It's is and will continue to be hard, exhausting, nerve-racking, but I do believe we can find reward in this process as well.  It will take rolling up our sleeves, willingness to be uncomfortable, and allowing ourselves grace in stumbling and rebooting.   

It will also call for us to have that same grace and patients with our students.  They will be absent, they will have internet issues, they will need understanding for what they have to balance with family obligations - some of those very likely to be sickness in this time period.

Patience, kindness, and understanding are critical for all of us as we navigate this new school year.   Be relatable with students and share your struggles and the fact that you understand their stress as you are experiencing it too.  In doing this you appear real and more tangible to them as well as more approachable for what they may need from you.

We are all in this together, and we must band together to get through it.  

Together we are better!

And finally - 3 positive things as I start my day today:

1.  I have most of the day to get work done for my classes.

2.  I have a hair appointment after school - that is always a treat.

3.  My department chair and I had a good talk yesterday afternoon that left me feeling energized about 
     leading the Algebra 1 team.






Wednesday, August 5, 2020

COVID19, the New School Year, and Frustrating Realities...

I would like to ask you to take yourself back in time to August of 2019...  Close your eyes and go back there, to the pre-covid days at the start of a new school year.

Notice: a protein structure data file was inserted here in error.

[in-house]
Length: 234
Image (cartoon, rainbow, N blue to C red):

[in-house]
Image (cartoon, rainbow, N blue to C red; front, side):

Now look at this picture below - If I had asked you back then "What do you Notice?  What do you Wonder?" ....  What would you have said?


I am guessing you may have wondered "why are there a few students wearing a face mask?"

Let's forward to now - August 2020 with the same question of what you notice, wonder.  I am guessing for a lot of us, unfortunately not enough of us, would be something like this:  "why are there ONLY a few students wearing masks????"  For teachers - we are definitely asking this question, and the picture is frightening.

What a difference a year makes, and not in a good way.  I long for life before COVID19 like anyone else, but I realize that is gone forever and act accordingly.  I am infuriated with the ignorance we now see in the face of a global pandemic that we still don't know enough about to be making the decisions some people are making.  I grow tired and weary of those in our population who choose only to pay attention to the science that serves our instant gratification and ignore the science that challenges us and makes us uncomfortable.  I am angry as hell at the decision many of us have made to just turn the other cheek and walk away from the patience that mother nature asks of us until she and modern science come to an agreement.